Google Analytics is one of the most popular tracking programs used online today and marketers frequently use it to analyse the success of their campaigns. Analytics can quickly and accurately tell you the source of every visitor to your website whether from an Organic Search, a Referral or a number of other source types. The one source type that is commonly misunderstood is Direct traffic.
Direct Traffic is commonly thought to be traffic that is generated from the following sources:
- Visitors who type the website URL into their browser bar.
- Visitors who have bookmarked the website.
- Visitors who set the website as their home page.
Direct Traffic is often used to show the effect of building the website or brand, or the effect of offline advertising with many marketing managers referring to the traffic as ‘free’ traffic. This however is incorrect and ‘Direct’ traffic in Google Analytics simply means that Google was unable to determine the source of the traffic due to it having a blank referrer string.
Along with the sources mentioned above, the following sources of traffic could be contributing to your Direct Traffic numbers and should be either fixed or taken into account when calculating your ROI for each traffic source.
- URL Shorterners – Shorterners such as bit.ly which are commonly used on Twitter and other social media can remove the referrer data and show the traffic as Direct or may show the URL shorterner itself as the traffic source.
- Untagged Emails – If you have not correctly tagged your URL when sending out email marketing a large portion of this traffic will show as Direct due to no referrer being found because of desktop clients such as Outlook and secure browser based email providers such as Gmail. Find out how to create tracking links here.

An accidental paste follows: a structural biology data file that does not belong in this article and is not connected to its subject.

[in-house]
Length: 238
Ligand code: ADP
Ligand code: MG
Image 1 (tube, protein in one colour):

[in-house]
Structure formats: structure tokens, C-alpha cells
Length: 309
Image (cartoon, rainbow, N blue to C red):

- PDF Documents – When links are clicked in PDF documents to a website these show as Direct.
- Mobile Apps – Apps have the same issue as untagged emails in that clicks within an App to a website do not have a referrer so show as Direct.
- Missing Analytics Codes – If you are sending traffic from a marketing campaign to a landing page or sub-domain that does not have Analytics, any additional click from your landing page to your website will show the source as Direct. Ensure every page on your website has a correctly implemented tracking code.
- Incorrect Split Testing Codes – Split testing involves using redirects to send half of the visitors to a page to a different variation of that page to improve conversion rates. If incorrectly implemented the referrer can get lose in the redirect causing the traffic to show as Direct in Analytics.
- Cross Device Browsing – An increasingly common issue is users looking up things on their mobile device and then using a desktop to go directly to the website to make the purchase or complete a form. In analytics this would show as Direct generating a large volume of conversions when in actual fact the source on the initial mobile device may have been SEO. Google is working on multi-device attribution tracking in Analytics but it will be a long time until this is accurate.
A lot of these issues that are likely distorting your traffic sources report can be easily fixed using correct tracking. Simply follow these instructions on how to track your marketing sources and ensure all of your emails and any other links you use have campaign tags attached. Tracking will never be 100% accurate but by being thorough you can ensure that they are as close to accurate as possible, meaning your data can be used to optimise your campaigns for years to come.